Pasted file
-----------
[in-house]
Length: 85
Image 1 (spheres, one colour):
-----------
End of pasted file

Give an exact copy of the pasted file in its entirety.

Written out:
[in-house]
Length: 85
Image 1 (spheres, one colour):